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Hoffmann, R. A wiki for the life sciences where authorship matters. Nature Genetics (2008)

Melatonin receptors in chick ocular tissues: implications for a role of melatonin in ocular growth regulation.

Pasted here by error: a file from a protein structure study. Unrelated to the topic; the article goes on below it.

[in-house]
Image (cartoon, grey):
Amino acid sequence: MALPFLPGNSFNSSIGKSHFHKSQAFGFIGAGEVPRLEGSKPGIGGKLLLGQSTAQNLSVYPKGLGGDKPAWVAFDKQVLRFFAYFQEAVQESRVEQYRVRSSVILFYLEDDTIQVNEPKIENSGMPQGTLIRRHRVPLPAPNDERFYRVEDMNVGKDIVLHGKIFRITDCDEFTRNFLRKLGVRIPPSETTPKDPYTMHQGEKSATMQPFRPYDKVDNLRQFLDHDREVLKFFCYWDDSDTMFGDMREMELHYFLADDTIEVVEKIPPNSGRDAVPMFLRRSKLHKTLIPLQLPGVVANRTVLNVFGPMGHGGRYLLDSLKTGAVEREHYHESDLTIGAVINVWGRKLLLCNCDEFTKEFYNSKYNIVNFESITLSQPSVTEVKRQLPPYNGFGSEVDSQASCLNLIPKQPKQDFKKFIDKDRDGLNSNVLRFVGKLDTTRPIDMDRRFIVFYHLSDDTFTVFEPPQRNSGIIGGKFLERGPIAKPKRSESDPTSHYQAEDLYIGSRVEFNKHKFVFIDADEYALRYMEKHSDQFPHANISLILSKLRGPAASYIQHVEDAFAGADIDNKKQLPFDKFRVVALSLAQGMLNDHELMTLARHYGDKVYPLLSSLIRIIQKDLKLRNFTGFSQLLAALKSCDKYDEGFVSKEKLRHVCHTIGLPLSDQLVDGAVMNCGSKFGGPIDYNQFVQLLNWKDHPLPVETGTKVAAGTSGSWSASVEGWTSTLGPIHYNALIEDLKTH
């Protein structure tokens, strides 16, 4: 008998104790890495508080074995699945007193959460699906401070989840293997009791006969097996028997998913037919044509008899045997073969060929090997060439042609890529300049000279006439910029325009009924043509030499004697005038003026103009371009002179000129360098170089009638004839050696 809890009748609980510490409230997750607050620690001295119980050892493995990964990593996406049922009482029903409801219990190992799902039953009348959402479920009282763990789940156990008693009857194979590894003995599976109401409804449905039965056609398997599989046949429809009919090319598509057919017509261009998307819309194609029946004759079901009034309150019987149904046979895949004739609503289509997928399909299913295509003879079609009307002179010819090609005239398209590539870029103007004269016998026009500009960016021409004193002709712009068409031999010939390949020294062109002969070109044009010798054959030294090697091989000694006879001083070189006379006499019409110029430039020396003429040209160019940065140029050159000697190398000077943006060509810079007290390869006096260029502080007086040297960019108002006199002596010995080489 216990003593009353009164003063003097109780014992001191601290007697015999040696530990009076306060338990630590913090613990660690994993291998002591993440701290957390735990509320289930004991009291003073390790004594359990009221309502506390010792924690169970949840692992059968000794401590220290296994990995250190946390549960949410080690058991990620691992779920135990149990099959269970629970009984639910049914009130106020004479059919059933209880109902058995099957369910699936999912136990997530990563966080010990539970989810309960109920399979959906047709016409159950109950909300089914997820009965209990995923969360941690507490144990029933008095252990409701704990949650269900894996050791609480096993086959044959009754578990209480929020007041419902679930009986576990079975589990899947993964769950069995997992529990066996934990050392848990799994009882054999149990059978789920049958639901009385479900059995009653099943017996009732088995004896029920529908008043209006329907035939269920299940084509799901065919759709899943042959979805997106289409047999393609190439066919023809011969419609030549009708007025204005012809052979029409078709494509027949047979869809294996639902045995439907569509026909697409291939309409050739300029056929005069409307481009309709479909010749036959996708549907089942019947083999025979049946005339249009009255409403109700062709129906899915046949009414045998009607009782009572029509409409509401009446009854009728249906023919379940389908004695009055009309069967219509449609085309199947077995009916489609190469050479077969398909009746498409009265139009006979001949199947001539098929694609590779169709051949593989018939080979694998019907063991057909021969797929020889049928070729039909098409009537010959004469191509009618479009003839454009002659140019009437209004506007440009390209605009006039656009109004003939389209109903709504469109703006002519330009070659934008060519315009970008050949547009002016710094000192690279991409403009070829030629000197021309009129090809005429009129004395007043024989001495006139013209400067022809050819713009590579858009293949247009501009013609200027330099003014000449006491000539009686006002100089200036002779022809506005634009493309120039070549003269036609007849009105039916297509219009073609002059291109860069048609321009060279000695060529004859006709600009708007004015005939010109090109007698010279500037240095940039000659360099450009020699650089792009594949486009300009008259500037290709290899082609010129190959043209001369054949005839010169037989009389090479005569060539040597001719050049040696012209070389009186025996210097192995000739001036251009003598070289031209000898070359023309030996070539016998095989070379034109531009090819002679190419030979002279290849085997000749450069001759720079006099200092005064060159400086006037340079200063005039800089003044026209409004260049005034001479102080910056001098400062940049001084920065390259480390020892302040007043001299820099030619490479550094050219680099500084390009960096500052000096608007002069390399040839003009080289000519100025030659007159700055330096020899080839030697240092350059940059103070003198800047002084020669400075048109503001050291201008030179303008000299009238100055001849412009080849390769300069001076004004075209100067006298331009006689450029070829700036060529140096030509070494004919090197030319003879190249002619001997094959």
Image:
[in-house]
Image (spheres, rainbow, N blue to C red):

PURPOSE: The influences of diurnal rhythms involving a variety of ocular parameters are implicated in the development of myopia. The purpose of this study was to determine the expression of the melatonin receptor subtype proteins in chick ocular tissues and to examine the role of the circadian signaling molecule melatonin in normal ocular growth and the exaggerated ocular growth associated with the development of myopia. METHODS: Expression of the Mel(1a), Mel(1b), and Mel(1c) melatonin receptor proteins in ocular tissues was examined by Western blot analyses, slot blot analyses, and immunocytochemistry. For examining the effect of melatonin on ocular growth, chicks were maintained on a 12-hour light-dark cycle and were monocularly form-vision deprived in one eye with a translucent occluder for 5 days. During the 5-day treatment period, chicks were injected systemically during the early dark period with melatonin (0.6 mg) or 2% ethanol vehicle control. Ocular dimensions of normal and deprived eyes were examined by high frequency A-scan ultrasound. RESULTS: Immunocytochemical analysis of chick ocular tissues revealed the cellular distribution of the Mel(1a) receptor subtype in the cornea, choroid, sclera, and retina. Western blot and slot blot analyses demonstrated that all three receptors were present in these tissues and they demonstrated distinct diurnal rhythms of protein expression in the retina-RPE-choroid, with peak levels of Mel(1a) and Mel(1b) occurring during the night and peak levels of Mel(1c) during the day. Systemic administration of melatonin resulted in significant changes in anterior chamber depth, vitreous chamber depth, and choroidal thickness of form-deprived and/or control eyes. CONCLUSIONS: Results of this study show that all three melatonin receptor subtypes are expressed in retinal and extraretinal ocular tissues of the chick eye. The finding that administration of melatonin alters the growth of several ocular tissues in both control and form-deprived eyes suggests that melatonin, acting through specific melatonin receptors in ocular tissues, plays a role in ocular growth and development. This conclusion suggests that the action of melatonin, combined with expression of melatonin receptors, is involved in the regulation of the diurnal rhythm of ocular growth.[1]


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